Four Customer Support Questions to Consider Before Investing in New Software

As organizations grow, so does the need for new processes, applications, and integration points to increase efficiency and scale growth to evolving market demands. According to a recent poll conducted by DiCentral, only 25 percent of organizations consider customer support when selecting business software or software-as-a-service-based managed services providers.

While the support team does not typically handle the implementation of new software, it can help facilitate necessary communications between the customer and the implementation engineers to ensure optimal utilization. Once the decisions have been finalized and the implementation is complete, the customer support team will provide ongoing support for the new solutions for the organizations' end-users.

Customer support is as critical a feature set as any of the software functionality and should be taken into consideration when starting to research solution providers. Most organizations do not think about contacting the customer support team until they experience the software interface in full production, which is not the optimal time to discover that something is less than satisfactory. Therefore, it is highly recommended that you research the customer support department of potential solution providers before deciding on the best fit for your company.

Consider the following four customer support questions before investing in new software solutions:

Most selling organizations will claim that their customer service is stellar, using buzzwords like "24/7", "expert," and "best-in-class." However, the most reliable feedback comes from existing or former customers. Product reviews are readily available on the Internet, and companies might also provide references and their experience with the customer support teams. Additionally, seeking out customer support teams that have won awards in the past is a safe indicator of a positive customer service experience.

  1. Does the software solution provider have severity levels for priority in place?

A successful customer support team should have prioritization protocols in place for the varied severity levels, whether an issue is business-critical or has minimal business impact. For example, a high-severity issue might cause a production line to come to a complete halt. An issue like this is critical and needs to be addressed by customer service representatives immediately. On the other hand, a low-severity issue is something like changing an address or contact information on file. That is something that isn't detrimental to the business if it's not taken care of immediately.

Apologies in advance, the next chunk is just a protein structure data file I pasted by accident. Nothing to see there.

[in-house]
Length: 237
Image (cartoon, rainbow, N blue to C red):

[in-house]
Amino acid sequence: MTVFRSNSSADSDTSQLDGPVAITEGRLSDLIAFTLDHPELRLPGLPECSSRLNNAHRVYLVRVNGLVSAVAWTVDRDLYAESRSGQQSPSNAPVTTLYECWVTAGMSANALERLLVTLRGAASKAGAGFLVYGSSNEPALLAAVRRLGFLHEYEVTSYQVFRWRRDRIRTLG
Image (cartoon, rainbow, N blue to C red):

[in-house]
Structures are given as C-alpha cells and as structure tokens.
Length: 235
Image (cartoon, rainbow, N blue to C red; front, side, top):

1. What ways can you contact customer support?

Customer support teams should have multiple points of contact, including phone, email, live chat, or a support ticket system. Customers do not expect a single point of contact, like a phone, for reaching customer support so that they aren't relegated to a queue and treated as a number. Different customers have different needs and preferences for how they want to reach out to customer service, so there should be multiple options offered based on those preferences.

  1. Will the software solution provider work with you to improve incident resolution and response times?

Customers can help speed up the resolution of issues by providing as many details about the issue up front. At times, the end user experiencing the issue might not be fully versed in the information the customer support team requires. A screenshot of the issue or a step-by-step recap of what led to the issue can help inform the customer service representative  Document ID numbers, document types, and which trading partner relationship is having the issue would all be great information to include as well.

According to a Gartner survey, 64 percent of purchasing decision makers find the customer experience more important than price when making a purchase. Organizations should make it a top priority to investigate the customer support teams as part of the initial process in deciding on a solution provider. Doing so will help to enhance your customer experience and working relationship with the solution provider you choose.

Cindy Smith is customer experience manager at DiCentral, a provider of electronic data interchange (EDI) and supply chain software and custom integration solutions.